For the first time, the Unity Party of Colorado could be divided.
The state's newest minor political party is facing a primary next year following the announcement by an Arvada nonprofit director that he wants to run for the U.S. Senate seat held by Republican Cory Gardner.
Joshua Rodriguez is joining the Unity Party's Gary Swing in the 2020 Senate race — likely necessitating the first contested primary in the tiny party's 15-year history, a national spokesman for the party said Wednesday.
“I’m teaming up with the community I love to help prepare Colorado for unity,” said Rodriguez, the director of homeless youth advocacy group One Arvada, in a statement. “I have a passion for people and science, and I’m eager to move our state forward with successful solutions in the areas of policy planning, budgeting and preparing for future technologies."
Echoing one of the party's slogans, he added: "Not right, not left, forward!”
Swing, a perennial minor-party candidate who has run for Congress on the Green Party ticket and at one point asked voters to make him the president of Arizona, is already seeking the Unity Party's nomination to challenge Gardner.
While Swing initially said he planned to run as a Unity Party candidate in the Denver-based 1st Congressional District in the 2018 election, by the time voters cast ballots he was running as a write-in candidate in the vast 3rd Congressional District in southern and western Colorado under the Green Party's banner. He received nine votes.
It's been two years since the centrist-oriented Unity Party, which has members in 40 states, gained official minor-party status in Colorado — joining the Libertarians, the Green and the American Constitution parties — after its membership rolls reached 1,000 registered voters. The designation allows the state party to nominate candidates directly to the November ballot instead of candidates having to petition their way on.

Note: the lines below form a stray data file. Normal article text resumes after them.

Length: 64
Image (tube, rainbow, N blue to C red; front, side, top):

As of Sept. 1, the Colorado Secretary of State's office counted 1,595 active registered Unity Party members — known as Uniters, following an online poll to determine what they wanted to call themselves — out of 3,472,951 total active Colorado voters.
At last count, 10 Democrats were also running for Gardner's seat in what's likely to be among the most contested and expensive Senate races in the country next year.
“I’m more than happy to welcome Joshua to our U.S. Senate primary contest, and not just because this makes history with the first contested Unity Party primary in our party’s history,” said Unity Party founder and national chairman Bill Hammons, in a statement.
Hammons said he's heard from two more candidates who could jump in the Unity Party's primary for the Colorado Senate seat.
The party will designate nominees — and choose between rival candidates in contested primaries — at a state assembly next April, Hammons said. Last year, the party held its inaugural convention — to approve bylaws, elect party officers and enjoy complimentary nachos — at a Chuy's restaurant in Westminster.
Hammons said he looks forward to holding "at least one" debate among the Unity Party's Senate candidates before the party convenes.